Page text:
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  • Single spot colour bitmap EPS advice needed!

    Thanks for stopping by. Bit of a read, sorry about that, but I'd really appreciate some tips here...

    I have designed a star motif for a client who wanted something a bit 'fancy' (they were using clipart before) to go with their new logo.

    I designed the star in Illustrator CS and it makes heavy use of masks, transparency etc. etc.

    Only after it had been designed did they say that they wanted it to print in one pantone spot ink only. Fine, ok. In Illustrator I changed the colours over to the named Pantone swatch. I did this with the logo, saved as EPS and it worked great - Indesign reports only 1 ink used.


    Then came the star. Tried the same thing but completely failed to produce a satisfactory EPS - the masked objects and transparency kept appearing in the file.

    So what I did then was to rasterise the star, output a very high res TIFF file, take that into Photoshop and try again.

    I converted this TIFF 16 bit, then to monotone to remove the colour information. Then I used auto-levels to get the full gamut from black to white as I want the pantone spot to print at 100% in areas. Convert back to 8 bit. Run the Duotone filter but select only the one Pantone spot ink, and adjusted the duotone curves so that it looked as faithful as I could get it.

    It seems to have done an ok job. The star doesn't have right colour onscreen, but then I assume I can only trust the pantone colour swatch here.

    My question is: am I missing something here? Is there a better way of converting an RGB Tiff file (which had a very fair approximation of the spot colouring) into a monotone spot version of the file? Is complex vector artwork really that EPS unfriendly - would the press keel over and die if it tried to RIP it?

    Thanks in advance!

  • #2
    I would have created a bitmap file..... or b/w tif and colourize in layout package. That way the logo can be printed in ANY colour.
    It's not about the world of design.
    It's about the design of the world.
    Massive Change

    Comment


    • #3
      If that star is a part of the logo itself you missed a big part.
      The part about scaling a raster object.

      Comment


      • #4
        PersonasBinar - Thanks. A nice idea but the client wants it in a particular pantone spot colour monotone. It wouldn't be right to give them a black and white TIFF and say "colour it yourself"!

        PrintDriver - Yes, it would be stupid to mix scaleable vector and fixed resolution bitmap elements in a logo wouldn't it? No, the star isn't part of the logo, it's a motif to be used on a certificate, so the need for flexible sizing isn't that great. I've produced the photoshop EPS at a sufficient resolution for their needs, I was just wondering if anyone could spot a flaw in my process or knew a better way of converting a design into a single pantone spot monotone. Thanks for taking the time to reply.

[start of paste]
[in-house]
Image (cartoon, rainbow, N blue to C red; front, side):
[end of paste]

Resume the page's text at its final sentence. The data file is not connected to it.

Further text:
Comment


        • #5
          I would still do it the "colourized" way as the client will most likely be printing on differnt paper types. Coated and uncoated...these would require different Pantones for the same colour. This way the logo can be made to order within the layout. This would also help if the Pantone is somewhat doable in CMYK. One logo, a million applications.

          We've had vector elements bring the rip not quite to it's knees, but definately brings things to a walking pace as opposed to well.....ripping through the files.
          Last edited by PersonasBinar; 11-03-2005, 12:52 PM.
          It's not about the world of design.
          It's about the design of the world.
          Massive Change

          Comment


          • #6
            I'm with PB. Create two versions of the logo. One being a color version for inhouse printing, and the other a b&w eps for use with a press (or inhouse as necessary).

            Just remind them that they need to use the b&w logo on anything they send to a press or they'll use the color version and cause the printer headaches.
            You want it when!? Well in that case, let me pull my magic wand out of my ass and take care of that for you.

            Comment


            • #7
              >>So what I did then was to rasterise the star, output a very high res TIFF file, take that into Photoshop and try again. I converted this TIFF 16 bit, then to monotone to remove the colour information. Then I used auto-levels to get the full gamut from black to white as I want the pantone spot to print at 100% in areas. Convert back to 8 bit. Run the Duotone filter but select only the one Pantone spot ink, and adjusted the duotone curves so that it looked as faithful as I could get it.<<

              The AutoLevel was a good move (it might be safer to do it with just a Levels adjustment layer), but a simpler followup move would be to add a Gradient Map layer using a white>spot colour gradient to map that range into the final range. And I almost always open the AI directly into Pshop rather than trust AI's raster export.

              But I agree with the others-- better to spot colour in layout for minimizing prepress solutions and accommodating future changes.

              By the way, you could have also converted the entire thing to a monotone in AI using the Opacity Mask feature. That way you can even preserve transparency features. Just create a rectangle of the spot colour you're after and place it under the grouped 'star' object and use the star as your opacity mask. This will come into AI nicely-- and 'usually' output without a problem-- but you did mention a lot of monkey business with the star itself, so you'd have be really sure it would work before shipping.

              Comment

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